Catalogue number: WP1/2/28
Letter from Wallace to his daughter Violet describing amusing answers to exam papers he has marked and his proposed lecture for a Land Nationalisation Society meeting, dated June 1892.
In this letter Wallace tells his daughter Violet that he has just finished marking 1,120 exam papers. Surprisingly, there were 'no real good ones'. The examiners met annually in London to compare marking. Many would describe their most amusing answers, making the otherwise serious meetings a little more light-hearted.
Wallace shares an amusing answer with Violet in this letter. Question: 'What is sideral and what is mean time?' Answer: 'mean time is when all the years have elapsed we count up all the number of days and divide by the number of weeks'. The poor student has wrongly focused on the word 'mean' and has given an answer about averages. 'Sideral time' is the time taken to orbit the sun relative to the stars and 'mean time' relates to Greenwich Mean Time.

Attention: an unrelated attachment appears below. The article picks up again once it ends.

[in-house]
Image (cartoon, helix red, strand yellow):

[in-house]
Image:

If you think the questions seem difficult, you can probably understand why some of the students' answers were so wrong! Despite his humour, Wallace was quite concerned that students were being entered for exams in subjects of which they were 'disgracefully ignorant'.
Wallace was encouraged to become an assistant examiner by his old friend Henry Walter Bates, with whom he first travelled to the Amazon. Bates was an assistant examiner for physical geography. Wallace began similar work in 1871 and among others examined for the Royal Geographical Society. This was an extremely well paid job at the time, offering around £60 for three weeks' work.
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View high resolution scans and transcripts of Alfred Russel Wallace's correspondence, including all surviving letters between him and Charles Darwin.